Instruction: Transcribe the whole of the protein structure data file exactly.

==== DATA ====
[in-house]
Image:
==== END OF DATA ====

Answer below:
[in-house]
Image: